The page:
Yes, Africa can breed its own type of democracy 

Crispin Kaheru

What you need to know:

  • In this piece, I will attempt to show how different societies anchored their socio-political systems to their localised contexts, history and culture.

A couple of weeks ago, I authored a piece on these pages titled “Africa should breed its own type of democracy”, which has received overwhelming feedback and mixed reactions with many asking whether there would be a difference between the ‘African type of democracy’ and the conventional western liberal democracy.

In this piece, I will attempt to show how different societies anchored their socio-political systems to their localised contexts, history and culture.

Traditional African societies were more in touch with their values. Social development was primarily modeled along the philosophy of ‘communalism’ rather than ‘individualism’, which is a common identifier in the West. 

Through the communitarian system, there would always be shared values and identity holding the family unit, nation and community together. It was a “we” and not “I” type of society. It was “I am because we are” – what many African dialects know as Ubuntu – and not “I am because I am”.

The fabric of the African texture was centered on, “we can all win and share in the victory”, not “I win and you lose”. 
Sidestepping these cardinal elements in our social construct of democratic governance would oftentimes be a source of disunity that could lead to dissolution and tearing apart of families and multiethnic nations. 

In order to preserve this communal system, communities acted more collaboratively than competitively; decisions were made through consensus; society was regimented and every individual had, and knew their roles. The gerontocrats and the youth were dynamic in their respective responsibilities.

It is likely that this ancient social organisation made Africa the very root of human civilisation and political powerhouses. 

From the oldest research, science and technology centres like the University of Timbuktu in Mali (982CE) to empires such as Aksum, Wagadu, Mali, Songhai, Mutapa, Kongo, Benin and Zimbabwe; African societies were able to trailblaze in knowledge creation and unity of purpose.

Societies in East Asia have successfully modeled their governance and development path along their Confucian traditional values. Confucianism is a philosophy and belief system from ancient China that emphasised benevolence, righteousness, propriety, wisdom, and trustworthiness. The theory and practice of Confucianism have indelibly marked the patterns of government, society, education and family in countries like China.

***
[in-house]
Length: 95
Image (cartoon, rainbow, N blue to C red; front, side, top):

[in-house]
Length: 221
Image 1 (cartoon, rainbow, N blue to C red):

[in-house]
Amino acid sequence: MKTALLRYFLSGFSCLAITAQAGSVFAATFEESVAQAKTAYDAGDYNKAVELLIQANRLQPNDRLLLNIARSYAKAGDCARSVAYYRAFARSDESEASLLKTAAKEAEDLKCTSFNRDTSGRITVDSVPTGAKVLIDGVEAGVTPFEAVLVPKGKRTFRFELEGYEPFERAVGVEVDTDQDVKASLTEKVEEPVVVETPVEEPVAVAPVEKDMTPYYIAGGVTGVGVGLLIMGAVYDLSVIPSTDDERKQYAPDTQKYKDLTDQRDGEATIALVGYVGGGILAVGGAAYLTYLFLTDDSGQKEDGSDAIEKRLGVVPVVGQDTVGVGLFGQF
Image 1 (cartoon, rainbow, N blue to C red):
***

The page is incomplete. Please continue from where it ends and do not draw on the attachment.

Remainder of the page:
In Japan, on the other hand, it is the Bushidō moral code upon which social and economic organising was framed. The Bushidō code stresses a combination of sincerity, frugality, loyalty, martial arts, mastery and honour until death. Here, emphasis is laid on obedience to authority and a deep sense of duty even if it entails violation of statute law.

Other societies weaved their governance doctrine around liberal democracy, whether as constitutional monarchies or as republics.  These are examples to demonstrate how society could successfully tailor its prosperity path to its peculiar history, culture, institutions and stage of development. 

Political cultures arise from different circumstances and it is these contexts that shape the thinking accordingly. Any form of copy-and-paste of a model that negates the unique experiences, histories and values of the people will most likely always turn out as a bad experiment. These bad experiments are glaringly all over the place!

 Without a doubt, people everywhere want the opportunity to meet their needs, feel a sense of security, fulfillment and happiness. They want a system that represents their overall interests, regardless of whatever form it takes; they want a voice and a measure of participation. 

How precisely they get this is less important than that they do. The point is simple; a model that organically provides progress is what human beings want. What people are searching for isn’t the ideal but something more down-to-earth: a practical and credible political delivery vehicle that is from within.

With the hindsight of modern political civilisation, it is clear that through objective exploration and struggle, each society can realise a system that responds to its context.  

Therefore, may each society in this day and age, have the utmost humility to let the other explore, develop new theories and pragmatic solutions that derive from their respective social codes.

Crispin Kaheru, Member, Uganda Human Rights Commission (UHRC)